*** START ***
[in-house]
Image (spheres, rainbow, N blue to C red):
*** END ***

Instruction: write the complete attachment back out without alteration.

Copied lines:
[in-house]
Image (spheres, rainbow, N blue to C red):